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I am in the process of applying to a Computer Science program which requires students to have at least an intro-level exposure to either Java, C or C++. I have some experience with Python and I would prefer to continue working in Python before starting another language; however, the professor said that Python was too light, i.e. "it's just a scripting language, you need to know a more robust language".

Is there really that much benefit in learning Java, C or C++ over Python?

If so, which of the three would be the best second language and why?

What concepts will I better grasp by learning Java, C, or C++ as opposed to Python? For example, here are the topics they have on the exemption exam -- which they only offer in Java or C++:

  • Basic Syntax and Punctuation
  • Reserved Words, Legal Variable Names
  • Variable Types: Built In and User Defined, Mixed Types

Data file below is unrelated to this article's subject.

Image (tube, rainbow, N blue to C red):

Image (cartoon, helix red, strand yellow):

• Looping Constructs: while, for, repeat
  • Branching Control Statements
  • Data Declarations: Arrays and Structs and Classes
  • Scope and Duration of Variables
  • OOP Principles
  • Simple I/O including formatting output
  • Reading and Writing to a Named File
  • Simple Recursion
  • Dynamic Allocation
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your professor is wrong. Python is excellent robust language. on the other hand, computer science should not be so much as learning particular language but rather algorithms and theory, for which python is excellent (for example functional, OO programming) –  Anycorn Jul 26 '10 at 20:04